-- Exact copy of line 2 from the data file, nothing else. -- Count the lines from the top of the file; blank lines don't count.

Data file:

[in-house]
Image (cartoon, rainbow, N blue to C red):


Image (cartoon, rainbow, N blue to C red):